ABSTRACT: Microwave spectra in the 7-26 MHz region have been measured for the van der Waals complexes, Ar-CH3CH2CH3, Ar-(13)CH3CH2CH3, 20Ne-CH3CH2CH3, and 22Ne-CH3CH2CH3. Both a- and c-type transitions are observed for the Ar-propane complex. The c-type transitions are much stronger indicating that the small dipole moment of the propane (0.0848 D) is aligned perpendicular to the van der Waals bond axis. While the 42 transition lines observed for the primary argon complex are well fitted to a semirigid rotor Hamiltonian, the neon complexes exhibit splittings in the rotational transitions which we attribute to an internal rotation of the propane around its a inertial axis. Only c-type transitions are observed for both neon complexes, and these are found to occur between the tunneling states, indicating that internal motion involves an inversion of the dipole moment of the propane. The difference in energy between the two tunneling states within the ground vibrational state is 48.52 MHz for 20Ne-CH3CH2CH3 and 42.09 MHz for 22Ne-CH3CH2CH3. The Kraitchman substitution coordinates of the complexes show that the rare gas is oriented above the plane of the propane carbons, but shifted away from the methylene carbon, more so in Ne propane than in Ar propane. The distance between the rare gas atom and the center of mass of the propane, Rcm, is 3.823 A for Ar-propane and 3.696 A for Ne-propane. Ab initio calculations are done to map out segments of the intermolecular potential. The global minimum has the rare gas almost directly above the center of mass of the propane, and there are three local minima with the rare gas in the plane of the carbon atoms. Barriers between the minima are also calculated and support the experimental results which suggest that the tunneling path involves a rotation of the propane subunit. The path with the lowest effective barrier is through a C2v symmetric configuration in which the methyl groups are oriented toward the rare gas. Calculating the potential curve for this one-dimensional model and then calculating the energy levels for this potential roughly reproduces the spectral splittings in Ne-propane and explains the lack of splittings in Ar-propane.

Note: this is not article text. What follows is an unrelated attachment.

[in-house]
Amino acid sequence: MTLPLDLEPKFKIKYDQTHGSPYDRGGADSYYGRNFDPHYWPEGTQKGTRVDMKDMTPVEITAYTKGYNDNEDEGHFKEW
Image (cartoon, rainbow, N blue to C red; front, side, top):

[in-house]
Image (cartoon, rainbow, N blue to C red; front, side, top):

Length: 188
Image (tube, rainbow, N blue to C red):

The Journal of Chemical Physics 12/2007; 127(18):184306. · 3.12 Impact Factor


Available from
Jun 10, 2014